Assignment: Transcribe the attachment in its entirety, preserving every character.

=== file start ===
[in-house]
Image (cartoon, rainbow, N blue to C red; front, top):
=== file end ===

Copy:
[in-house]
Image (cartoon, rainbow, N blue to C red; front, top):